A 19th century Western. Chon Wang is a clumsy Imperial Guard to the Emperor of China. When Princess Pei Pei is kidnapped from the Forbidden City, Wang feels personally responsible and insists on joining the guards sent to rescue the Princess, who has been whisked away to the United States. In Nevada and hot on the trail of the kidnappers, Wang is separated from the group and soon finds himself an unlikely partner with Roy O'Bannon, a small time robber with delusions of grandeur. Together, the two forge onto one misadventure after another.Written by
By the end of the train robbery most of the train cars have been uncoupled from the train, and most of the cargo lost (the load of logs, the safe). Throughout the scene, the locomotive keeps chugging along as if nothing has happened. The locomotive crew would have noticed their load getting lighter unless they were dead or unconscious, and there is no implication that this is the case. See more »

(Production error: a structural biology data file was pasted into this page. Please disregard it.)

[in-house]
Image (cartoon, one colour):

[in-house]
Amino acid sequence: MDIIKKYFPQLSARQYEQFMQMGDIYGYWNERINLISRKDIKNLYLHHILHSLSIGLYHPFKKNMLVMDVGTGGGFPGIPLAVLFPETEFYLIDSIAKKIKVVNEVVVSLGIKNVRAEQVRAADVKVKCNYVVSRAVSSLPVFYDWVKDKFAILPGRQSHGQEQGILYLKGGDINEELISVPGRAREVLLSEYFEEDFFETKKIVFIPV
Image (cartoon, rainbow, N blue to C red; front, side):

I saw Shanghai Noon because I do like Jackie Chan, and the premise seemed like the film would be a winner. Although I didn't find Shanghai Noon particularly special, it was a fun movie and I would recommend it.
The plot is routine, with some of the ideas a tad forced. The film also feels 5 or so minutes too long, one or two scenes in the middle felt like they could have been shortened. Lucy Liu isn't given much to do either.
However, the film is beautifully shot and the scenery and sets are equally ravishing. There is also a rousing score from Randy Eldemann, a smart script with some amusing if not hilarious jokes and sharply choreographed fight scenes. Jackie Chan and Owen Wilson are both very good, and are a well matched double act.
Overall, not perfect, but fun and enjoyable. 7/10 Bethany Cox
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